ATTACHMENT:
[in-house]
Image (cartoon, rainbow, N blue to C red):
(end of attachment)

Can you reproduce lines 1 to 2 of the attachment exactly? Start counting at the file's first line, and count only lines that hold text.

[in-house]
Image (cartoon, rainbow, N blue to C red):